Andrea Warren (Andrea Savage) is a happily married mom with intermittent work and chronic verbal diarrhea. That’s it, that’s the show. Savage — who created, executive produces, writes, and stars in the show — is a delightful, energetic screen presence, with a brand of humor that somehow delivers butt jokes with charm. But there’s otherwise very little to distinguish this sweet little show from other Los Angeles-based autobiographical single-camera comedies about the unfunny business of parenting, marriage, and being in your 40s: In between “Better Things,” “St. George,” “Maron,” “Nobodies,” “Lady Dynamite,” “Take My Wife,” and significant chunks of “One Mississippi” — the list goes on and on and on — a show would have to be particularly entrancing to stand out from the crowd. But while the show is lightweight and enjoyable in all the right ways, it’s more of this same well-trodden genre.
The highlight of the series are Andrea’s relationships — such as the one with her fictional husband Mike (Tom Everett Scott), with whom she shares an easy intimacy that consists of her telling jokes and him getting mildly uncomfortable. Her writing partner Kyle is played by familiar comedic face Jason Mantzoukas, and the people she encounters are played by a fascinating cross-section of the industry — Judy Greer, Judith Light, and in the pilot, an appearance by June Squibb (!).
“I’m Sorry’s” conceit is that Andrea is always getting herself in verbal gaffes with the world at large, and especially with the other moms at school. In one episode, she out and says the essential premise of the series: “It just seems like everyone at school is, you know, joking around, they’re seemingly very cool. And suddenly I say something that clearly crosses a line. I forget that people have a much closer line than the hilarious, disgusting broken people that I consider to be some of my closest friends.”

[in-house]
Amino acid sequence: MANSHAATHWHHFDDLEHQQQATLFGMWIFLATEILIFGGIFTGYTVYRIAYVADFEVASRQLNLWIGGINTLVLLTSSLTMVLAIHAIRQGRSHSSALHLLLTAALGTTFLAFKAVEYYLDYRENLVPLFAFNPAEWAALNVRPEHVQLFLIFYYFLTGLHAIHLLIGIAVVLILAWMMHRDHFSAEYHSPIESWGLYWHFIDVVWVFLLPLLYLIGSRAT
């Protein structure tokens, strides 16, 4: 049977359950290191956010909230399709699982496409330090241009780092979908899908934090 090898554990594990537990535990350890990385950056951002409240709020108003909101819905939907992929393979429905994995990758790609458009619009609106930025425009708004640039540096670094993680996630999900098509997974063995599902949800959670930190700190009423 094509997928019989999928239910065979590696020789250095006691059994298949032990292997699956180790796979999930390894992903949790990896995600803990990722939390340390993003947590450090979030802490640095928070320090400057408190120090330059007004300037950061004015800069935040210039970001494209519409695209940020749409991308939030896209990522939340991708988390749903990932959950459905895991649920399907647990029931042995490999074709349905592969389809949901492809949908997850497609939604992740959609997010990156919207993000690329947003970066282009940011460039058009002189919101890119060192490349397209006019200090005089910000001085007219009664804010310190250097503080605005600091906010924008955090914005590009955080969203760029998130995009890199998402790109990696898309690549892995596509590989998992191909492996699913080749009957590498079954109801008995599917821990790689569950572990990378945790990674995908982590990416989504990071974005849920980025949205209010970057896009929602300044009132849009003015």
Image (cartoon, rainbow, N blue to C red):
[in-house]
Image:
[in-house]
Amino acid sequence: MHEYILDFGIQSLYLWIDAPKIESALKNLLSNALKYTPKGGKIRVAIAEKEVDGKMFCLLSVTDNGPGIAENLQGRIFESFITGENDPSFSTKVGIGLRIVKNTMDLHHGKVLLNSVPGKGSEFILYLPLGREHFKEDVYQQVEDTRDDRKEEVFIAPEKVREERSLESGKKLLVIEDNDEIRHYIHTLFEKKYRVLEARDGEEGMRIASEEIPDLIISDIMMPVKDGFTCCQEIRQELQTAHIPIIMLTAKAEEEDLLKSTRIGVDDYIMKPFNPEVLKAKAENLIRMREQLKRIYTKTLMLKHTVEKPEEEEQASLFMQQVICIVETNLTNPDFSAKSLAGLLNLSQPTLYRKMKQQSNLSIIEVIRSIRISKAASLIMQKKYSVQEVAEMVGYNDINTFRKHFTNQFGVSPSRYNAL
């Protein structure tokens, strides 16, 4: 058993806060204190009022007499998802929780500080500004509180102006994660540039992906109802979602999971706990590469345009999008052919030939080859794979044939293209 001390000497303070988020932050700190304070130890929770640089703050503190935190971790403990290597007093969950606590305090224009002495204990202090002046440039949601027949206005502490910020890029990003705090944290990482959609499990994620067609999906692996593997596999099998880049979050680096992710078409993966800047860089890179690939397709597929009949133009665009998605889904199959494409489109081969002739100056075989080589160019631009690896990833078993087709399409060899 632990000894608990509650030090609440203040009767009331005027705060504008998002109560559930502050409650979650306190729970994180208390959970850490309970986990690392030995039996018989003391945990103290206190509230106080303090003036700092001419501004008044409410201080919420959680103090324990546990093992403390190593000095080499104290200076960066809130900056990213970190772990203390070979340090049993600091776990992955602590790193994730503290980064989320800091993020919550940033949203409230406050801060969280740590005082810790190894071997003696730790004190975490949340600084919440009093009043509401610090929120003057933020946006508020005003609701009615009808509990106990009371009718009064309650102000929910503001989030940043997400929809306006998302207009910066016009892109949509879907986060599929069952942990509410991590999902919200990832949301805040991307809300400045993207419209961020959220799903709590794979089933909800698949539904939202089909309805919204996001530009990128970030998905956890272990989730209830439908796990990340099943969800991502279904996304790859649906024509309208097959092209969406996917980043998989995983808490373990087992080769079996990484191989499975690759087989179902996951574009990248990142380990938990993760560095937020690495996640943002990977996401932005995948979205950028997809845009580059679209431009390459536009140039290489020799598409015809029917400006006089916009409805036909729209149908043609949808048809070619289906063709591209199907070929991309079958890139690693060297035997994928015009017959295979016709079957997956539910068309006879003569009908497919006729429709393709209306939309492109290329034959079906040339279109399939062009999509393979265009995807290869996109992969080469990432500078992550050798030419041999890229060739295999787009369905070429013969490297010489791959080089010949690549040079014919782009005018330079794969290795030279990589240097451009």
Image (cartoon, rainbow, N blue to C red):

But it’s interesting, in a comedy landscape that often mingles tragedy or alienation with a comedian’s life choices, that Andrea’s most important relationships are nontoxic, and even the verbal misunderstandings at school usually muddle their way to resolution. It’s a refreshing trip through her world, but it’s also nearly devoid of dramatic stakes. Probably the most really worrying episode is the second, when daughter Amelia suddenly declares she won’t hang out with a classmate because her skin is too dark. Andrea is flabbergasted, hilariously, at the notion that her kid is a budding racist, and tries to find ways to change Amelia’s mind. Curiously, though, the plotline neither resolves nor prompts self-reflection from Andrea and Mike. (Amelia learns to like her friend, but she also starts quoting lines from “Fat Albert” with an attempt at Bill Cosby’s vocal inflections, so it’s a bit of a wash.) “I’m Sorry” chooses to stop at the punchline, when comedy tends to maximize its potential as the audience becomes more invested.
That may please many viewers. After all, it is nice to spend time in Savage’s world, and sometimes a series of butt-oriented sex jokes concealed from the listening ears of elementary-schoolers is enough for a good laugh or two. But “I’m Sorry” never quite tries to be more than a series of moderately amusing anecdotes, which squarely limits its ability to compete with other, highly similar, more adventurous programs.